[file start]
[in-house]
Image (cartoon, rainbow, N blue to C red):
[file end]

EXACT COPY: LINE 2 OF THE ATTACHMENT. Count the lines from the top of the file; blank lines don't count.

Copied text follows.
Image (cartoon, rainbow, N blue to C red):